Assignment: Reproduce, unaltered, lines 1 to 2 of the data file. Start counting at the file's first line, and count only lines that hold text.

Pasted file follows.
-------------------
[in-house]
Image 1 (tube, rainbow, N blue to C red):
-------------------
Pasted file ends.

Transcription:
[in-house]
Image 1 (tube, rainbow, N blue to C red):